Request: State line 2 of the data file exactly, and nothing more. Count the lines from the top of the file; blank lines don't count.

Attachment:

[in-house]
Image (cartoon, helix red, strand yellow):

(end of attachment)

Image (cartoon, helix red, strand yellow):